# 8 Describing Motion and Movements

Amanda Shelton

Before we can begin to describe movements, it is important that we first identify the potential planes of motion and axis of rotation that movements can occur within.

# Planes of Motion

We have three planes of motion:

1. Frontal (coronal)
2. Sagittal
3. Transverse

The frontal plane separates the body into front and back. The sagittal plane separates the body into right and left sides. The transverse plane separates the body into top and bottom. For all of our different planes of motion it is important to consider that these planes do not exist in just one spot that cuts through the body, like our string example for the midline of our body in the previous chapter did, instead these planes can exist throughout the body but always in the same direction.

## Axis of Rotation

From our planes of motion we can begin to expand on the axis of rotation that can occur within each of those planes. When we think about our axis of rotation we can think of them movements that follow along the invisible plane that exists in the plane of motion.

 Planes of Motion Axis of Rotation Frontal (Coronal) Left-Right or Coronal Sagittal Anterior-Posterior or Dorsoventral Transverse Longitudinal or Cranialcaudal

From these axes of rotation, we can identify specific movement patterns that will occur within these planes of motion as well.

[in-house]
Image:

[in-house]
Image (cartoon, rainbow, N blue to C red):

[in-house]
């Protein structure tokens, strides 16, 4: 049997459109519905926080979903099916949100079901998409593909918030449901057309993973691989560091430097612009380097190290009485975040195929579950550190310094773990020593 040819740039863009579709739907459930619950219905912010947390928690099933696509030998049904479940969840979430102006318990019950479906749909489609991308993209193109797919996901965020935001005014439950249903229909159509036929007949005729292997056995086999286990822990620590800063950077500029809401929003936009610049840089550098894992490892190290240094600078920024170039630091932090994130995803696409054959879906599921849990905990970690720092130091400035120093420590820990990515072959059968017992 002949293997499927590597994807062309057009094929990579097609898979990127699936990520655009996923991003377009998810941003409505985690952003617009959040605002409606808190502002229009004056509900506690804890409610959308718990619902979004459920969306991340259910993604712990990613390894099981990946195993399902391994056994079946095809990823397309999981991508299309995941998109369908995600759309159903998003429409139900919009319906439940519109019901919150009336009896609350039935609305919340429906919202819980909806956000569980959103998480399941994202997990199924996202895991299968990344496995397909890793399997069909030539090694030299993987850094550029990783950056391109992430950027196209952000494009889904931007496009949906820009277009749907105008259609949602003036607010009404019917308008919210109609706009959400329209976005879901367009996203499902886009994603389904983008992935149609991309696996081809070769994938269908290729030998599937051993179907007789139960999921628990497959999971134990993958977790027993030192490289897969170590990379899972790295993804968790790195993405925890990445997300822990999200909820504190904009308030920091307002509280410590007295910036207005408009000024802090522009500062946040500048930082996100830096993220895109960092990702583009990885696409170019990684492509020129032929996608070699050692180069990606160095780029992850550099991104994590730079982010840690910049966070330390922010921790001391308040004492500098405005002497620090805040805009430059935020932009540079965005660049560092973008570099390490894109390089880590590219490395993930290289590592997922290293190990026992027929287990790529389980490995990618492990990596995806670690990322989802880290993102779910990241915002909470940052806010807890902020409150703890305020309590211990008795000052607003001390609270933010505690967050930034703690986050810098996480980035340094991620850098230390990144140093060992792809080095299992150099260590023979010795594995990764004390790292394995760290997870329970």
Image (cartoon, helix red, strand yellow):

## Axes and Joint Motions

Human movement is described in reference to one of the planes mentioned above. Though movement is usually not restricted to one direction, a movement can be described an predominately on one plane. Watch this video to learn about anatomical motions.

### Sagittal Plane Movements

• Flexion is a bending movement in which the relative angle between two adjacent segments decreases
• Extension is a straightening movement in which the relative angle between two adjacent segments increases
• Hyperextension refers to a joint moving beyond the normal state of extension in reference to anatomical position
• Dorsiflexion refers to movement that pulls the toes up towards the knee
• Plantarflexion refers to movement that points the toes down

### Frontal (Coronal) Plane Movements

• Abduction movement on the frontal plane away from the midline of the body
• Adduction movement on the frontal plane towards the midline of the body
• Scapular retraction is movement of the shoulder blades closer together/towards the midline of the body
• Scapular protraction is movement of the shoulder blades away from the midline of the body
• Scapular depression is inferior movement of the shoulder blades
• Scapular elevation is superior movement of the shoulder blades
• Inversion refers to movement of the sole of the foot towards the midline of the body
• Eversion refers to movement of the sole of the foot away from the midline of the body

* Motions of the shoulder blade are important for fitness professionals to familiarize themselves with to ensure proper movement of the shoulder complex

### Transverse Plane Movements

• Internal rotation is the rotation of a joint towards the midline of the body
• External rotation is the rotation of a joint away from the midline of the body
• Horizontal abduction refers to movement of the arm or thigh in the transverse plane from an anterior position to a lateral position
• Horizontal adduction refers to movement of the arm or thigh in the transverse plane from a lateral position to an anterior position
• Pronation is rotation of the hand bringing thumbs towards the midline of the body
• Supination is rotation of the hand bringing thumbs away from the midline of the body
definition